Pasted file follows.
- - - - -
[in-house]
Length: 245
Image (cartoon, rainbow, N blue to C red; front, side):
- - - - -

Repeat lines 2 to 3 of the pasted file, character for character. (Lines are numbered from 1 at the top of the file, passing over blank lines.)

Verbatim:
Length: 245
Image (cartoon, rainbow, N blue to C red; front, side):